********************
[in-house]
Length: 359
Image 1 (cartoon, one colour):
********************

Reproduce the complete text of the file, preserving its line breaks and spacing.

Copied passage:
[in-house]
Length: 359
Image 1 (cartoon, one colour):